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Nobody has received any tezzies as yet (it was always going to be at least six months until anyone did, even in the best of circumstances). But a futures market did spring up soon after the ICO closed, and the governance woes have caused their value to slide by 75%. Whether anyone will ever receive any tezzies, nobody yet knows. In an open letter to the Tezos community in October, the Breitmans said: "Our current best estimate for shipping the main net is now February of 2018, though the firm date remains when it's ready'."

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How Tezos deals with these challenges is key to its survival and could well affect the credibility of ICOs as a whole. If one of the biggest, highest-profile ICOs fails so spectacularly amid internal wrangling and fraud claims, how are other, less well-scrutinised ICOs to be trusted? As it is, if the legal issues drag on, Tezos will become just one more in a long line of cautionary tales for investors.

In the news this week

In 2014, Japanese bitcoin exchange Mt Gox was the world's biggest, handling up to 70% of global transactions. Then it "lost" up to a million bitcoins, worth (at the time) around $400m, and went bankrupt. Its CEO, Mark Karpels, was arrested on fraud charges. The 25,000-odd people who owned the missing bitcoins were assured they would be compensated based on the value of bitcoin in yen at the time of the bankruptcy.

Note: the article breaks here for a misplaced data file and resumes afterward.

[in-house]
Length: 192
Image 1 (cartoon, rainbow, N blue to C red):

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Anything left over would go to Mt Gox shareholders. As luck would have it, 88% of Mt Gox is owned by a company controlled by Karpels. Since then, some 200,000 bitcoins have been recovered. But with bitcoin currently swinging wildly around $6,500, Karpels could conceivably end up with more than $800m after paying off his creditors, says Kosaku Narioka in The Wall Street Journal.

Facebook is muscling in on the ever-expanding payments scene by launching its Messenger payments service in the UK. Facebook has signed up all the major UK banks and credit-card firms, says Rory Cellan-Jones on The UK is only the second country to get the service, which has been running in the US since 2015. Users will have to register their debit cards with Facebook, and can then make and receive payments of up to £2,500. Interestingly, users will not need a Facebook account to use the service the Messenger app is now available to anyone regardless of whether they are on the social media platform.

Revolut, the London-based fintech startup that allows users to transfer money abroad much more cheaply than via a traditional bank, has applied for a European banking licence. It hopes to receive it in the first half of 2018. A banking licence would allow Revolut to offer "fully functional current accounts" with direct debits, overdrafts and personal loans, and would mean protection of up to €100,000 for customers under the European Deposit Protection Scheme.

Revolut is not alone in applying for a licence to operate in the EU ahead of Brexit 20 global banks have also applied, says Danile Nouy, a senior member of the European Central Bank, quoted in the Financial Times.